Black Skin As a Perpetual Threat

By Michael April 13, 2021 1

Brooklyn Center another case of trigger happy policing

I’ve lived through three encounters with the police that could easily have ended in my death. Each time I see another Black man lose his life to a trigger-happy cop; it brings back that same dread I had on those three occasions.

In the mid-1970s, I was a young reporter covering the city hall beat for a Black-owned weekly tabloid. One day I went home for lunch with a couple of girls who worked in the newsroom. They were curious to know how I prepared a vegetarian hamburger. This was decades before the meat alternatives we have on the market today and a lot less appetizing. read more

Did The Civil Rights Lawyers In The Floyd Case Leave Money On The Table

By Michael April 3, 2021 2

Is $27 Million Enough to Set An Example for Other Police Departments?

Two months after a stunned, pandemic world watched the killing of George Floyd at the corner of 8th Street East and Chicago Avenue, a battery of civil rights attorneys filed a wrongful death lawsuit against the city, Minneapolis, Minnesota, and the three cops who participated in Floyd’s death. The lawyers’ chief spokesperson is Benjamin Crump, who has built a cottage industry in police misconduct cases following the Trayvon Martin family’s representation nine years ago. read more

Four Early Take-Aways From The Derek Chauvin Trial

By Michael April 1, 2021 0

New Time Period Suggests Civil Case Settled Too Soon and For Too Little Money

Four early take-aways are evident after the first three days of testimony in the Derek Chauvin trial for the murder of George Floyd in Minneapolis, Minnesota.

First, there is no doubt that Chauvin used excessive force from the get-go on Memorial Day 2020. After banging on the driver-side door of an SUV driven by Floyd, Chauvin immediately drew his firearm and pointed it at Floyd. The officer’s approach caused Floyd to cringe and beg for his life. He asked Chauvin to not shot him. Floyd never physically attacked Chauvin or any other police officer on the scene. He initially gripped onto the steering wheel of his SUV as he asked the officers why they were bothering him. read more

My Tribute to a Great Hitter and Even Better Teammate

By Michael March 17, 2021 2

Lorenzo “Lo” Ogden Now Playing First Base With the Heavenly Host

When Lorenzo Ogden stepped on the Tuskegee Institute campus in1968, he was a tall, skinny kid off the sandlots of Birmingham, Alabama. He spent his summer days playing baseball during the week, but on Sundays, you could find him at old Rickwood Field watching the Birmingham Black Barons play the best competition in the Negro Leagues. read more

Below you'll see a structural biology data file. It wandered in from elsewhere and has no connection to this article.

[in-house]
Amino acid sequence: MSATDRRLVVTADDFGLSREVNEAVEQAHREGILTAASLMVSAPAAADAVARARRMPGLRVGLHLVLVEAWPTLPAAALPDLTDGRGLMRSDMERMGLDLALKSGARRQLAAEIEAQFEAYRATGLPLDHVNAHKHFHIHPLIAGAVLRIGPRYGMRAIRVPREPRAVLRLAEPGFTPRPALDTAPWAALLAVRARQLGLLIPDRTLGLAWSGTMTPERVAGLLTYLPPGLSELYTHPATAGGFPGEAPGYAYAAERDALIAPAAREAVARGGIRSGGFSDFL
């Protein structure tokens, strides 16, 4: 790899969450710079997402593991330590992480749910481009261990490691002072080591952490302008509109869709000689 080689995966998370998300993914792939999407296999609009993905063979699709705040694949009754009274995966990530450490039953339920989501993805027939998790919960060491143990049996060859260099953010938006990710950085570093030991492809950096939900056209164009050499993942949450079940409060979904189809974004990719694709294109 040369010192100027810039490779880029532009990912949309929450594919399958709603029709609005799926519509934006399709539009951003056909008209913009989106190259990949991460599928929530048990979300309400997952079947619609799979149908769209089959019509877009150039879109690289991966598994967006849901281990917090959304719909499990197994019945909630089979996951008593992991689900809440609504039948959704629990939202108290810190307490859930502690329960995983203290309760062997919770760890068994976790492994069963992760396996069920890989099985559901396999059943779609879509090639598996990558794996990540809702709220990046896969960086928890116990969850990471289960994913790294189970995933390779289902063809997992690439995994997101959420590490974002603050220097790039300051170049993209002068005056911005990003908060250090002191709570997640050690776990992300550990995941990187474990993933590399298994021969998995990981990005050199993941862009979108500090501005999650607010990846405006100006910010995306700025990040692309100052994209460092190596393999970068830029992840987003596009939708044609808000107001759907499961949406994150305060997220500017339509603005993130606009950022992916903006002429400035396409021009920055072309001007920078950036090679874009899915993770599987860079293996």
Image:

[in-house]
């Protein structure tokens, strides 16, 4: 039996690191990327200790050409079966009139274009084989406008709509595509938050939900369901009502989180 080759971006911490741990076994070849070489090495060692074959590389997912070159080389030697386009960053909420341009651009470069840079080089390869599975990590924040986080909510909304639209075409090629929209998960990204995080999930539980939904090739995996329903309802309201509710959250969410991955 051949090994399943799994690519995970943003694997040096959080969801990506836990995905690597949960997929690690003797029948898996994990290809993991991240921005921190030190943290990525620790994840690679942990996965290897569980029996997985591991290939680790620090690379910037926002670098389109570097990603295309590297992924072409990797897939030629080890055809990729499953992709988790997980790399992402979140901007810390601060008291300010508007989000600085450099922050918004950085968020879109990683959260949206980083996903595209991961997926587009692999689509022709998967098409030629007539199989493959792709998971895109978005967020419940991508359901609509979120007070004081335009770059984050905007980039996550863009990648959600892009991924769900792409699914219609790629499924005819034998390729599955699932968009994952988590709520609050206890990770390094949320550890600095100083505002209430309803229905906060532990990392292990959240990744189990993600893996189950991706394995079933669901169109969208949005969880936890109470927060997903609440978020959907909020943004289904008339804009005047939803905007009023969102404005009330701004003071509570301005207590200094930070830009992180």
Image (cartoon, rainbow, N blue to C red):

Braves’ Garr-Lucas HBCU Baseball Classic Is A Hit

By Michael March 15, 2021 0

HBCU Alumni Proud of National Spotlight

HBCU Alumni Proud of National Spotlight

Marie Duval did not attend an HBCU; she received her educational experience at a predominately white institution, Mercer University, a private Baptist-supported school in Macon, Georgia, her hometown. The other half of the Duval family, Steve Duval, attended two HBCUs, Hampton University and Tuskegee University. The Duvals traveled 150 miles to witness a rare national spotlight shine on Black college baseball. read more

A Wonderful Historic Moment for Black College Baseball

By Michael March 13, 2021 0

Why the Ralph Garr-Bill Lucas HBCU Baseball Classic Matters?

A faint breeze slightly chilled the night air, the sky tinted ocean blue, and patches of small fluffy clouds lingered in the afterglow of dusk, hinted at the artistry of the Divine.

Down below on a baseball diamond where Triple-A professionals dream of getting a call up to the big league are two historic Black universities, Florida A & M University and Grambling State University. Each is seeking their first win since the pandemic derailed their season a year ago, prepared to do battle in the first Ralph Garr-Bill Lucas HBCU Baseball Classic. read more

A Historic Face Lift For Black College Baseball

By Michael February 28, 2021 0

Tuskegee University Returns Home Games to Campus

Many of the happiest days of my life are moments spent on a baseball diamond. Mostly sandlots: sometimes cow pastures turned into a ball field for Sunday baseball outings, some with meticulously kept lawns, and some in the oldest minor league ballpark in America, Luther Williams Field, in Macon, Georgia. read more

A Brother set Up Malcolm X

By Michael February 23, 2021 2

And The FBI Ran The Scheme To Kill A Black Leader

By all accounts, Malcolm X was a peace-loving brother; at least, he did not advocate violence as an act of aggression. Malcolm believed that all humans had a right to defend themselves if attacked, but no one had a right to inflict violence on a person who came in peace. read more

There Is No Justification for Ratifying Injustice

By Michael February 14, 2021 0

Zip it Mitch – Spare Us Another Lie

The novelist and social critic Norman Mailer once wrote, “You can be the best in the world and still lose.” Mailer uttered these profound words to lament his defeat in a race for the office of Mayor of New York City. His prodigious ego led him to believe he was the best candidate in the race. Perhaps history will give him the benefit of the doubt and adjudge Mailer the best novelist turned politician in that contest. read more

Republicanism Is Bad for American Democracy

By Michael February 11, 2021 1

Let’s face it. There are no two ways about it. Republicanism is terrible for American Democracy. Suppose the response of Republicans since January 6, 2021, indicates how current Republicans in the main feel about democracy in America. There is nothing in the historical record that suggests otherwise. In that case, it is safe to bet the farm on the demise of the much-heralded American democracy, for, without a doubt, democracy in America is on its last leg. read more